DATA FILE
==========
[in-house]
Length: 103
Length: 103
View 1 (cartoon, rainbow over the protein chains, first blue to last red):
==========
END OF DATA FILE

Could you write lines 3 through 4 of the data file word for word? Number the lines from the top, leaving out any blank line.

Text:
Length: 103
View 1 (cartoon, rainbow over the protein chains, first blue to last red):